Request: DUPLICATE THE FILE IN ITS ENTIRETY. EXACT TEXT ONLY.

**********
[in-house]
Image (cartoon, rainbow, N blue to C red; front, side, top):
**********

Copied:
[in-house]
Image (cartoon, rainbow, N blue to C red; front, side, top):